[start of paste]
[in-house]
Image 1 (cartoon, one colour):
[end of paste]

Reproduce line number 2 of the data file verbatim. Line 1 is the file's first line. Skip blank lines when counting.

Image 1 (cartoon, one colour):